At a birthday party two years ago, Caroline Mulroney Lapham had a chance encounter that set her on a new career path.
She was introduced to entrepreneur Golnar Khosrowshahi, who had recently started writing an online newspaper for her kids. As soon as the daughter of former prime minister Brian Mulroney got home that night, she checked out the kid-friendly website, GoGoNews.com, which publishes articles both silly and serious about everything from politics to sports.
Ms. Mulroney Lapham, a mother of four, had stopped working as a lawyer in New York in the summer of 2005, shortly before the birth of twins and the family's move back to Toronto. Two years ago, she started visiting the site daily and chatting with her brood (who are all under the age of 6) about stories and jokes that took their collective fancy.
Impressed with the quality of conversation that GoGoNews seemed to spark, she called Ms. Khosrowshahi and expressed an interest in becoming actively involved in expanding and building the site.
"It was Caroline's passion that really took this website from a homespun venture I shared with my children (twin girls now aged 8) to something that scores of our family and friends now access on a daily basis," says Iranian-born Ms. Khosrowshahi, who officially became a partner with Ms. Mulroney Lapham on GoGoNews last winter.
"I'm a total news junkie," explains Ms. Mulroney Lapham, who was educated at Harvard.
"Golnar was concerned that the images [and] subject matter that her own twin daughters were being exposed to wasn't entirely appropriate, so she started doing a daily blog on news of the day. Word spread, and scores of her friends and their kids started following her newspaper, too.
"My family is also now totally hooked, and I've found I'm now having conversations with my kids I would not otherwise have."
The website is now used as a teaching tool in some Toronto schools (Montcrest, Sterling Hall and the Toronto French School), as well as a Montessori school in Brooklyn, N.Y.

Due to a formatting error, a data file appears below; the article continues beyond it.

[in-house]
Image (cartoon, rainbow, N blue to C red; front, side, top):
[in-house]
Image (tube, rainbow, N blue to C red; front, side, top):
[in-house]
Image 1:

"Our goal is for this to become the homepage for families," says Ms. Khosrowshahi, who moved to Toronto in 2003 after spending 10 years living with her family in New York. "We're now working on a game section because we need to create a reason people, especially kids, are going to spend time on this site."
"But at the core, it's about news," adds Ms. Mulroney Lapham, whose father-in-law is the illustrious magazine editor Lewis Lapham. "We want to be on the top of people's minds when they're thinking about communicating to their kids. When something happens like the earthquake in Haiti, we turn to a resident psychiatrist to assess how to communicate that to an eight- or a 10-year-old. We're serious about the news, but we want to present it in an entertaining way."
Aimed at children aged 5 to 12, the site is updated 24 hours a day, seven days a week by Ms. Khosrowshahi and Ms. Mulroney Lapham from their office in midtown Toronto.
GoGoNews is sassy and easy to navigate, with the stories kept short and written in language that children can easily understand. Recent postings include the quarterly earnings of McDonald's, a Toronto Maple Leafs upset victory, a story on an Arabian mare who paints, and one on Japan's newest police dog, a seven-pound Chihuahua named Momo.
When an event such as a natural disaster happens, they'll often wait a few weeks to report on it. "There is not always going to be a positive angle, but we try and wait for one," Ms. Khosrowshahi says. "We focused on the relief effort so the news could be presented in the context that there is a brighter future."
The site is currently free of charge, but Ms. Khosrowshahi says they plan to start selling subscriptions to schools in the New Year to generate revenue. "It's really more of a passion project for both of us," adds Ms. Khosrowshahi, who is also president of her own music publishing company, Reservoir Media Management, still based in New York.
Zein Odeh, a Grade 2 English teacher at Toronto French School, has been using GoGoNews in her classroom for more than a year. And she says she's a proponent of the GoGoTeach component of the website (a dedicated platform for teachers designed by an educational consultant) because "it encourages her students to think more globally, make connections, and empathize with current dilemmas in our world."
Ms. Odeh's students pore over the site each day, and are encouraged to write journal entries on the stories that interest them most. They also write to the GoGoNews editors, asking questions that Ms. Mulroney Lapham and Ms. Khosrowshahi respond to daily.
"GoGoNews is helping me achieve my goal of helping my students become more, internationally minded, actively involved, responsible citizens of the world," Ms. Odeh says. "What's more, the website is fun and dynamic, with no distractions. I hope that one day we have a community of classrooms connected through GoGo discussing different points of view on the issues we face around the world.
"Today's students are very different from students from the past," she adds. "And it's vital to find ways to inspire and challenge our future leaders."